To be continued …

Secular Sexual Transcendance

Yesterday marked the beginning of the holy month of Ramadan in the San Francisco Bay Area, where I live. Ramadan is the month of fasting, of abstinence and self-control so that a Muslim can get closer to Allah.

While the pious were probably preparing to break their fast, as Iftar time approached, I, as a sinner of the highest order, was co-moderating a discussion called “Secular Sexual Transcendence” at San Francisco’s premier kink cafe: Wicked Grounds.

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Much to my happiness (or, perhaps, the blessedness of Ramadan), I met a man just before the discussion started. He was a Bengali ex-Muslim, a proud atheist and had come to attend our discussion. He believed in religious tolerance and, like myself, was deeply saddened and equally disgusted with the rise of religious fanaticism particularly in the Indian subcontinent.

Bangladesh, like Pakistan, suffers from the poison of religious extremism. Atheist blogger, Avijit Roy’s horrific murder is classic example. I will not go into the details of this matter in this post but will hopefully talk more about it in future posts.

Anyway, getting back to the discussion at hand, we started off with a check-in question, which was very straightforward:

What does the word ‘transcendent’ mean to you?

Different people said different things but a common theme was that transcendent is something extra-ordinary, beyond our everyday, mundane experiences. Obviously, as non-believers, no one attributed the word transcendent to something ‘divine’ or ‘mystical’. In fact, a few people believed that the word transcendence does carry with it religious connotations that are hard to completely dispense.

Talking about the transcendence of sexual experiences, one of the dykes said that for her, physical boundaries with the partner seem to melt in moments of intense sex. She doesn’t know where her clit ends and where her partner’s tongue begins. She also said that there is a telepathy of sorts, a union of mental states with her partner. One of the heterosexual females found this to be a very interesting experience and said that she can never imagine such a feeling as she’s never been with a woman.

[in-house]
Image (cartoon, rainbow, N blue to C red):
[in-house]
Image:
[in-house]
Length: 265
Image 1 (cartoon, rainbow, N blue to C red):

For one person, sexual experiences seem to alter the perception of time, which was a fact that some others seemed to have experienced as well. People talked about other experiences that alter one’s perception of time, such a being shot or having a terrible accident or dropping acid.

Lots of other points were discussed but my memory fails me miserably and I took no notes either. Anyway, the first part of the meeting ended around 8 o clock and we took a 10 minutes break before resuming the session again.

The question that kicked off the second half of the meetup was the following:

Given that sexual experiences have a lot in common with what people describe as religious experiences, how can we as secular, non-believers speak about these experiences without thinking about supernatural?

Extending this question more, I asked:

Is there secular language about sexual transcendence that you don’t like to use? If so, why?

This question required a bit of clarification and elaboration primarily because a few people pointed out that sexual experiences are difficult to define in words properly, so any word used to describe these experiences will be inadequate.

Greta Christina explained by saying that she hates the word spiritual with the intensity of a ‘thousand burning suns’ because it’s a vague, slippery term that the theists can well use to describe the super-natural. So, words like spiritual and mystical should best be avoided when characterizing one’s sexual experiences as secular atheists. People chipped in with more words such as holy, sacred, God and infinite that they believe should not be used to describe sexual experiences of the secular folks.